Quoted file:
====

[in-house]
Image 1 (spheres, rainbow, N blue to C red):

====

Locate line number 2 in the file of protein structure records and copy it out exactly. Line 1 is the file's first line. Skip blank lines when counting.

Image 1 (spheres, rainbow, N blue to C red):